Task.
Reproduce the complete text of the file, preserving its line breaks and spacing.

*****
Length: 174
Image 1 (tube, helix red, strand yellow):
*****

Length: 174
Image 1 (tube, helix red, strand yellow):